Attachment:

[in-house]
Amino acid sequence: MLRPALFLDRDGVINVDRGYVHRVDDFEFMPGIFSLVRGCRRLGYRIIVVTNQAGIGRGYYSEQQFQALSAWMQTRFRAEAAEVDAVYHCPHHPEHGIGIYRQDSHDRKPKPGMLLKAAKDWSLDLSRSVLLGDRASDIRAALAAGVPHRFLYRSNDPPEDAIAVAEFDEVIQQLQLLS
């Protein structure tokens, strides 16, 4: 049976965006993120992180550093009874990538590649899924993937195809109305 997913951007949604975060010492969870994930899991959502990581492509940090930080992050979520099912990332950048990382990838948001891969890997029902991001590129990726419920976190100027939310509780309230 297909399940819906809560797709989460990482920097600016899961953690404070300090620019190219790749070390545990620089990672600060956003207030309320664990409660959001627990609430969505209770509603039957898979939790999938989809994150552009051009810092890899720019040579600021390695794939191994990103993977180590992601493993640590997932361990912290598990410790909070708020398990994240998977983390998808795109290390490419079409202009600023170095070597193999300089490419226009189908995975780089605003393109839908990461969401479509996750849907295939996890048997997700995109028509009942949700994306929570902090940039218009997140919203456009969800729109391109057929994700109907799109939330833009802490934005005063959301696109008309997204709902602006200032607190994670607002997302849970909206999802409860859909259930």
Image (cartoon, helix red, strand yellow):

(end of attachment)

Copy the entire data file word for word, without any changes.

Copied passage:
[in-house]
Amino acid sequence: MLRPALFLDRDGVINVDRGYVHRVDDFEFMPGIFSLVRGCRRLGYRIIVVTNQAGIGRGYYSEQQFQALSAWMQTRFRAEAAEVDAVYHCPHHPEHGIGIYRQDSHDRKPKPGMLLKAAKDWSLDLSRSVLLGDRASDIRAALAAGVPHRFLYRSNDPPEDAIAVAEFDEVIQQLQLLS
């Protein structure tokens, strides 16, 4: 049976965006993120992180550093009874990538590649899924993937195809109305 997913951007949604975060010492969870994930899991959502990581492509940090930080992050979520099912990332950048990382990838948001891969890997029902991001590129990726419920976190100027939310509780309230 297909399940819906809560797709989460990482920097600016899961953690404070300090620019190219790749070390545990620089990672600060956003207030309320664990409660959001627990609430969505209770509603039957898979939790999938989809994150552009051009810092890899720019040579600021390695794939191994990103993977180590992601493993640590997932361990912290598990410790909070708020398990994240998977983390998808795109290390490419079409202009600023170095070597193999300089490419226009189908995975780089605003393109839908990461969401479509996750849907295939996890048997997700995109028509009942949700994306929570902090940039218009997140919203456009969800729109391109057929994700109907799109939330833009802490934005005063959301696109008309997204709902602006200032607190994670607002997302849970909206999802409860859909259930």
Image (cartoon, helix red, strand yellow):